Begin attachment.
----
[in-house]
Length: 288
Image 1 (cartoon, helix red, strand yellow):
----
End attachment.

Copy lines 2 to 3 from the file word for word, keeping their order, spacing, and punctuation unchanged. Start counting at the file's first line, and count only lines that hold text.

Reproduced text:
Length: 288
Image 1 (cartoon, helix red, strand yellow):